“Virginia has full-time problems and challenges, and I’m committed to being a full-time lieutenant governor to tackle those,” McClellan said. She said her top issue was expanding broadband so more people could get affordable, high-speed internet.

Levine said the job of governor is too big for any one person, “and I see the lieutenant governor working as a partner of the governor ... pushing things through the legislature.” Levine, whose sister was murdered 25 years ago in Tennessee, is one of the General Assembly’s most vocal advocates for gun control. He said gun safety laws are his top priority, including a ban on assault weapons.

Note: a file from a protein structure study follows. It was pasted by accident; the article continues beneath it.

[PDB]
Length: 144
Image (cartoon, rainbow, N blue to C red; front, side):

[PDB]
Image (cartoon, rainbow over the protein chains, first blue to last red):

Some candidates called out the GOP’s Sears for posing in a Facebook profile photo with a large weapon.

“It’s not something to be glorified. It’s not something to play around and take pictures with,” Levine said.

Perryman said he’d work with Virginia’s next governor when necessary but took a different tone on expanding the role of lieutenant governor: “These offices are independent for a reason,” he said.

He said racial equity is his top issue and that he would work on behalf of everyday people.

While the candidates who are members of the House talked about their bills and General Assembly action, Perryman said they’d done nowhere near enough.

“A year after the murder of George Floyd, I don’t think I’m any safer from police violence,” he said. He added: “ Here in Virginia, we failed to end qualified immunity.” That refers to a legal doctrine used to protect police officers from civil liability.